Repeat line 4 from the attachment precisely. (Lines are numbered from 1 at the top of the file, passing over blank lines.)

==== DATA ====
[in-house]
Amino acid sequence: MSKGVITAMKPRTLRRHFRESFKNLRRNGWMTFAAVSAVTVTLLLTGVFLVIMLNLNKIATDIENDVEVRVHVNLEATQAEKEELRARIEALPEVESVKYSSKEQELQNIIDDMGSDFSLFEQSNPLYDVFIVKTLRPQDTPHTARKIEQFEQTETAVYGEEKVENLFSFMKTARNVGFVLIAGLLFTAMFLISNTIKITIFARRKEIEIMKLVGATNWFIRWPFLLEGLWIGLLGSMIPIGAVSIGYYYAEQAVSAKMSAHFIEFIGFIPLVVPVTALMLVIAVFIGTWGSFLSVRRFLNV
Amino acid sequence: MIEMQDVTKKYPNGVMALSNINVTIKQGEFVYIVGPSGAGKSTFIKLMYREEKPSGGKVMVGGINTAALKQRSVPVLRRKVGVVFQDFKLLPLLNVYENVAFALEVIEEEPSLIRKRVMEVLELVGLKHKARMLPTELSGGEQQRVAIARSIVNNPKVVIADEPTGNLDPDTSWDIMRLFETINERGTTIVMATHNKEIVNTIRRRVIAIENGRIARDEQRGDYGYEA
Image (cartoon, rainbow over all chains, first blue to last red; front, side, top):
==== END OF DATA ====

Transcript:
Image (cartoon, rainbow over all chains, first blue to last red; front, side, top):